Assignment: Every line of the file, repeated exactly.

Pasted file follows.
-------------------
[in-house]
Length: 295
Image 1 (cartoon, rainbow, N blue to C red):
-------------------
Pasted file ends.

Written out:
[in-house]
Length: 295
Image 1 (cartoon, rainbow, N blue to C red):